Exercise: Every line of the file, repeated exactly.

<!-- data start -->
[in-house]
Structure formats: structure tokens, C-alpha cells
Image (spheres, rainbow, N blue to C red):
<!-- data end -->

[in-house]
Structure formats: structure tokens, C-alpha cells
Image (spheres, rainbow, N blue to C red):